Tennis Elbow? But I Don’t Even Play Tennis

Tennis Elbow? But I Don’t Even Play Tennis

Did you know… tennis elbow can occur even if you are NOT an athletes. 

Lateral epicondylitis – or tennis elbow – is a painful condition that occurs when the tendons in your elbow become inflamed and overloaded as a result of repetitive motion. 

Because the repetitive motion that occurs is similar to that of swinging a tennis racket, it’s commonly referred to as tennis elbow. 

However, anyone who has a job characterized by similar repetitive arm motions may be at risk. Common symptoms are;

pain at the fleshy part of the elbow when gripping and or turning the wrist like opening a door or pouring coffee.

Why it Matters:

Tennis elbow is often characterized by some pain and weakness, and that can make it difficult to perform your daily tasks. 

Because tennis elbow is an injury caused by repetitive – perhaps essential – motions, finding ways to decrease the inflammation and improve your biomechanics is especially important.

Here are 3 natural ways to help reduce the pain associated with tennis elbow …

·       Rest. Giving your arm time to rest is important to stop the cascade of inflammation and pain. If you can’t rest then using a device like a BAND-IT around the forearm can help.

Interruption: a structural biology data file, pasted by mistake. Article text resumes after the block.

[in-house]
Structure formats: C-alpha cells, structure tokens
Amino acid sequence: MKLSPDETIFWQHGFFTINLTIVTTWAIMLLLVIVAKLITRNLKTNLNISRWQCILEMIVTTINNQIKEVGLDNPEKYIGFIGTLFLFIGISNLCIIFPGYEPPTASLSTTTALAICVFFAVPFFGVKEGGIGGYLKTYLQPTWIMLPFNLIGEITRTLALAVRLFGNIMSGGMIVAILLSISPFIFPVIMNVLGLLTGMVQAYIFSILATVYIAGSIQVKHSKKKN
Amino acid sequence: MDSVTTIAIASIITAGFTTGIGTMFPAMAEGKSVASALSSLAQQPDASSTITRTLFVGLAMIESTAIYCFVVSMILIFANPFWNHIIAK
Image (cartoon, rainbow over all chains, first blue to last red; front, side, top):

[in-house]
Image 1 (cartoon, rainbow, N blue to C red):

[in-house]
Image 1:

·       Ice. Icing it 20 minutes per hour is a smart strategy to reduce pain and inflammation.

·       Technique. Be mindful of how you are moving your arm, use proper ergonomics.

Next Steps:  

Tennis elbow is usually not a condition that will go away on its own. In fact it starts out as a mild inconvenience but soon turns into a major pain

However, we’ve found three key strategies for reducing the pain associated with tennis below.

The first is creating a plan of care that includes at-home exercises to strengthen your supporting muscles. 

The second is performing chiropractic adjustments, to improve the motion and movement of your elbow joints. 

The third thing is a combination of shockwave therapy and laser therapy. These 2 modalities help to reduce pain and breakdown scar tissue.

So, if you or someone you know is living with tennis elbow, give us a call. 519-227-1363

 Together, we’ll create an individualized care plan focused on helping you find lasting relief, naturally
Science Source(s): 


Tennis Elbow. Orthoinfo by the American Academy of Orthopedic Surgeons. 2021.